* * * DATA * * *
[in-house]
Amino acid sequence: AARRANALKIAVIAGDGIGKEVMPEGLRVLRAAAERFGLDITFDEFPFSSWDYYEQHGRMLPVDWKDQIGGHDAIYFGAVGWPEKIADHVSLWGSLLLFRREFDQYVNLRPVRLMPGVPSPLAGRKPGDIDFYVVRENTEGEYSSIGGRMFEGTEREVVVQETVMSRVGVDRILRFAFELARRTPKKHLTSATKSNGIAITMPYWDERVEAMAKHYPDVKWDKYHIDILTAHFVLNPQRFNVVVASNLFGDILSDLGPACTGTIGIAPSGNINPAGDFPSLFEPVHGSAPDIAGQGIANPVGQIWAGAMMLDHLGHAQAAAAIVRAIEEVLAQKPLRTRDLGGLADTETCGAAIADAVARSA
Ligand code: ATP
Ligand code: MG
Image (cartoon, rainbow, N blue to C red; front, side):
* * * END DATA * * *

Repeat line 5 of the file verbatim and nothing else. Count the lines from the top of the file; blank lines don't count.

Image (cartoon, rainbow, N blue to C red; front, side):